Bay Area promoters don’t like Sacramento’s thriving scenes. They count on our dollar. Isaacks knew he was on to something when he began getting calls claiming his shows violated radius clauses. A typical radius clause includes noncompeting shows for 60 days within 60 miles of the contract. Sacramento is 88 miles from San Francisco.
“San Francisco and the Bay Area depends on Sacramento for ticket sales,” Isaacks says. “They wouldn’t even have to work for our dollar.”
He says he overpaid guarantees, knowing a large band in a small venue like Press Club or Starlite would require sold-out sales to recoup. He was also selling Sacramento on the idea that an intimate show was a better experience than driving to San Francisco to see them in a larger setting.
“Once the agents saw the numbers of the shows and the enthusiasm, the roles reversed,” he says. “We started getting contact from the agents. They saw Sacramento as a worthwhile market for small-club shows.”
Isaacks booked Eyehategod, for example, at Midtown Barfly in 2014. He says the last time they played Sacramento was likely on tour with White Zombie and Pantera in the 1990s. When Kumeh wanted to bring a young Kendrick Lamar to town in 2011, he reached out to the Sunrise Events Center in Rancho Cordova: a beige, one-story building on a corporate avenue of warehouses. Not exactly the cultural epicenter of greater Sacramento.
“I remember passing out fliers for Kendrick and nobody knew who he was,” Kumeh said.
Now, it might require Golden 1 Center for Lamar, one of the most popular artists in the world, to return.How a scene becomes a festival
A thriving scene also looks like 17,000 strong in Discovery Park dressed in all black, a sea of longhairs in synchronized headbanging. It’s a megapit resembling a medieval battlefield of battered bodies. Talk to any talent buyer in Sacramento, they’ll point to Aftershock Festival as an indication of the region’s metal population. Since its inaugural year in 2012, Aftershock has swelled in size and increasingly molded its lineup in favor of the metalhead demographic. Founder Danny Wimmer isn’t even from Sacramento. His company Danny Wimmer Presents is Los Angeles-based. He observed the ticket sales data and placed Aftershock in our lap.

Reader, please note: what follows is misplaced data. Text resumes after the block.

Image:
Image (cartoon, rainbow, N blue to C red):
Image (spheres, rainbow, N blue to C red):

“I’ve been looking at this market for years,” Wimmer wrote in an email. “These fans are very loyal, and this is a community. It’s not about one song. It’s about the lifestyle and culture. The fans are committed through an artist’s career, unlike many other genres, where it’s only about the song.”
Isaacks looks at this year’s lineup and its diversity and sees an adaptation to the scene. “I think the rep Sacramento had was more radio-rock kind of metal,” he says. “It was a bad stereotype of that kind of metalhead. The thinking man’s metalhead, that person is here, too. You can tell whoever is in charge of booking Aftershock has seen that is a market they want to get.”
Kumeh believes Sacramento is prepared for a hip-hop festival. That’s already been proven true, actually: KSFM’s 102.5 Live festival has been held for three years at Discovery Park. In May, it drew 17,000 people—2,000 over the permit limit—with headliners such as Tyga, Fat Joe, Remy Ma, Desiigner, and E-40. It’s telling data of a desire for hip-hop.
Now Aftershock’s success has Kumeh thinking bigger.
“What hip-hop artist can you really put on City of Trees to make it flow well?” he asks rhetorically. “It takes somebody to create a new lane. Maybe it’s in my hands or someone else’s hands to create a new event that showcases hip-hop. It would let everyone know in and around Sacramento that we can … be successful.”
It might be #HOF Day on September 24. Robbie Metcalf of Hall of Fame, an events and entertainment company, partnered with Kumeh to make this year’s day party bigger than last year. Metcalf is hesitant to brand #HOF Day as strictly a hip-hop event, but securing famed hip-hop producer Young Metro as a headliner sends a loud message.
#HOF Day’s first two years only capped between 2,000 and 3,000 people. Metcalf is aiming for 6,000 this year.
What has Wimmer of Aftershock learned about Sacramento in the five years of booking the city’s most successful festival? He says the ticket sales, merch sales and fans on social media all cried out for a heavy festival.
“But not only that,” he says. “The data was telling us they wanted more of it, too.”